When I read the Paris Reviews interviews, the great writers of the 1930s-1940s kept bringing up Ford Madox Ford as one of the writers they admired most. I’d never heard of him. His best-known book is The Good Soldier, which I’d also never heard of. Yet at that time it was generally considered to be one of the greatest books of the 20th century.
Reputation is a funny thing. Ford’s reputation was as high as it was partly because he made a lot of friends. And it fell as low as it did because, eventually, he made a lot of enemies. People thought he was egotistical, and didn’t believe half the things he said about himself. He really did write books together with Joseph Conrad, but after Conrad’s death, some people got very upset with Ford for talking about it so much; I suppose they thought he was just making stuff up again. It also didn’t help that he wrote only autobiography and autobiographical fiction, and wrote other real people into his novels. According to a Teaching Company lecture I heard, the literary world more-or-less conspired to erase him from the canon after his death.
To which I say: No great loss.
I only read the first half of The Good Soldier, but I read plot reviews, and there’s clearly no reason to read the second half. It’s famous for being one of the (maybe the) first major works using an unreliable narrator, and so he’s considered a father of modernism. But it’s badly done unreliable narration; I can’t believe the narrator is that stupid or self-deceptive. Ford’s writing style is very good, but he has little to say.
The story is about 2 upper-class couples who spend 9 years together, travelling about Europe, inseparable all that time. Then, at the end of that 9 years, the narrator learns that the other couple’s marriage is completely dysfunctional (as is his own), and that his wife’s been cheating on him with the other husband all along. That’s pretty much it, except that there’s also a young woman, now age 22, who is never mentioned until halfway through the book when you learn she’s been constantly with them every moment all this time.
One of the major criticisms I hear of fan-fiction is that the people who write it don’t create their own characters. In my opinion, that’s a good thing. I image it might be good practice every now and again. If you’re forced to use characters that already exist, you have to come up with stories that work with characters that already exist. If, on the other hand, your story can’t possibly work with any character that anyone has written about before, it’s probably not a true story, and you shouldn’t write it.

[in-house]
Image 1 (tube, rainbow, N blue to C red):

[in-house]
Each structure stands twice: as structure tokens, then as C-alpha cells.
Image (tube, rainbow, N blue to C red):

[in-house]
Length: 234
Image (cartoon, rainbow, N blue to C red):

This is the case with The Good Soldier. It’s often reviewed positively as a shocking exposé of the shallowness of the upper class. But it can’t be, because all 4 of his main characters are insane. I’m not particularly fond of the upper class, but this is more a freak show than a commentary on real life. Things like this might have happened, but calling it an exposé of the upper class is like calling a biography of Charles Manson an exposé of the 1960s.
I suppose they are all exaggerations of things that happen in many people to a lesser degree.
I learned pretty near the start what had happened. I kept reading because the narrator was engaging; it felt like listening to a good storyteller. But I began wondering why I was supposed to keep reading. I knew how it ended. All of the characters are contemptible, so I didn’t care about any of them. I had only a mild curiosity as to how things had played out.
When I came to the end of Part 1 (of 4), I seriously wondered why I was supposed to keep reading. There were no unanswered questions and nobody I cared about.
When I came to the end of Part 2, I wondered the same thing.
Partway through Part 3, I decided to read plot reviews online and find out whether there was anything else to the book, some twist or something. There wasn’t.
This book is entirely psychological, and so the only reason to read it is for its psychological analysis of its characters. But there isn’t any. The characters are all incredibly warped. We get a pretty good picture of how each one is warped, some impression of how each one feels, but no idea why they’re warped that way.
That’s because they’re not plausible characters. They’re cheap plot devices. They all have bizarre personality deficits, yet even those deficits aren’t sufficient to make them act in the self-destructive ways they do. We’re repeatedly told that the “good soldier” of the title is a very, very good man, doing all sorts of charitable work–but the author obviously just stuffed that in there to make him seem “complex”; none of it feels real or motivated.
The narrator appears to be based on Ford himself, and, if we believe what others wrote of Ford, his unbelievable denseness might just be how Ford really was. He was repeatedly accused of not being able to distinguish fantasy from reality in his own life, and not knowing what he had and had not done. Which might mean that the unreliable narrator was invented not as a clever literary device, but because a crazy man wrote fiction.
One thought on “Review: Ford Madox Ford, The Good Soldier, 1915”
For me, The Good Soldier has everything to say. Through Dowell’s absurd form of revisionism we get a glimpse at the machinations of a mind trying to deal with a desperately painful blow dealt it. It’s certainly a pity not to be able to finish the book – I can’t promise it would have changed your mind on it, but I do sincerely believe this is one of the twentieth century’s great novels and deserves to be better known.
My review: The Good Soldier by Ford Madox Ford